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What do I do about my condition "hay fever?"
The term "hay fever' is somewhat of a misnomer, since this term is used by patients to describe the combination of symptoms including sneezing, watery and runny nose, and itching eyes, nose, and throat during the hay cutting season of the year. The actual allergic culprit is ragweed pollen and not hay. Also, there is no associated elevated body temperature, so the term fever is used in the broader sense of "discomfort." The medical term is "allergic rhinitis."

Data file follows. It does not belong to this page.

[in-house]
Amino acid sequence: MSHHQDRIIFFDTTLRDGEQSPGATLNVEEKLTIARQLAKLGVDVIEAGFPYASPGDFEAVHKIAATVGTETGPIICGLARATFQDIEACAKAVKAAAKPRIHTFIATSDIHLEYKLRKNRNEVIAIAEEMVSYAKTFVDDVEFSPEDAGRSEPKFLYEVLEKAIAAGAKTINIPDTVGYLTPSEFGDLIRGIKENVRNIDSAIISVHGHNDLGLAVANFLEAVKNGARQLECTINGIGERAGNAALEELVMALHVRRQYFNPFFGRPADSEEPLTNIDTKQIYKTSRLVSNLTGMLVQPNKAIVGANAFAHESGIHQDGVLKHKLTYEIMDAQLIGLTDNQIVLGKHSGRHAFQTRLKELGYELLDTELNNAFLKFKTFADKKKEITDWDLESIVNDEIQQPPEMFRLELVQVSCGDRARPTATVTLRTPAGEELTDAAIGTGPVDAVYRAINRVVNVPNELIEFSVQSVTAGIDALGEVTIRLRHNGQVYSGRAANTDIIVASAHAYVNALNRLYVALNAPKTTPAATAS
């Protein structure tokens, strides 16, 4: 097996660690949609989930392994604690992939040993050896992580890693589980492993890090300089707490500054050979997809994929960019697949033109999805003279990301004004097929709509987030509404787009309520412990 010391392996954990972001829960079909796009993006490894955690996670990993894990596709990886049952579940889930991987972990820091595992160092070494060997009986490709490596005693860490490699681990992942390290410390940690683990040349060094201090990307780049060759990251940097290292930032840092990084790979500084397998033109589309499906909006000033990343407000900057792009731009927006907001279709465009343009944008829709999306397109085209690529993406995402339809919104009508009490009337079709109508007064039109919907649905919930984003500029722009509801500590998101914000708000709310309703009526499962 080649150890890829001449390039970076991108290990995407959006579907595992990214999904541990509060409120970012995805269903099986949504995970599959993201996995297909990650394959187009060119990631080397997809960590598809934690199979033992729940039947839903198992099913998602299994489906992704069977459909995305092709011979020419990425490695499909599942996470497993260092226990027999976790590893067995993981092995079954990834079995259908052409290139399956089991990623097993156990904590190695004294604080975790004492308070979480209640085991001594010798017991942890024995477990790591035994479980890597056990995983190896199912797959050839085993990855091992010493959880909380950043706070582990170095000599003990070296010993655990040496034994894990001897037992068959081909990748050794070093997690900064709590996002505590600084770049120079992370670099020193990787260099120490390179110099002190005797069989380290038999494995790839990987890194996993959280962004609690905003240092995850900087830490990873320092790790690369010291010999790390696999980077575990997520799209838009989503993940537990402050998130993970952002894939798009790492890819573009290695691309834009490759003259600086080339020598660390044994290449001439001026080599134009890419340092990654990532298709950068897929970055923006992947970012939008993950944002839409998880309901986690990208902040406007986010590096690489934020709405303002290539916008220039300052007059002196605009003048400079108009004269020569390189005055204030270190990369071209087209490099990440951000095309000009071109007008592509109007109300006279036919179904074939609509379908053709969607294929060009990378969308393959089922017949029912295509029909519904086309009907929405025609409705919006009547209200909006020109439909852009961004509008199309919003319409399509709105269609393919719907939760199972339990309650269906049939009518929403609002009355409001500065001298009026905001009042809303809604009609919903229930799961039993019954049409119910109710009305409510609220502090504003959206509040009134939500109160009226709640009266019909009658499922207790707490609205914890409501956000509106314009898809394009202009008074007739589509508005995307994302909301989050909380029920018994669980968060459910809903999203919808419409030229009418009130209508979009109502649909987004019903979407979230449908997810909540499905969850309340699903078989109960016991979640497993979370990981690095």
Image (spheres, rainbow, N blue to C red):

Allergic rhinitis develops when the immune system becomes confused and overreacts to harmless substances and produces a special kind of protective antibody called immunoglobulin E (IgE). IgE attaches to a specialized body cell called the mast cell which contains already formed chemicals called mediators to do its work. One of these chemicals is called histamine. Therefore, when one cannot avoid an allergic culprit, the next most common treatment for "hay fever" or "allergic rhinitis" is the use of an anti-histamine, which is readily available over the counter without a prescription. Unfortunately, many over the counter anti-histamines cause tiredness, but there are newer prescription anti-histamines that you might want to ask your doctor about which can greatly decrease this side effect. When medications are not effective, allergists use allergen immunization or "allergy injection therapy" to help correct the immune system.
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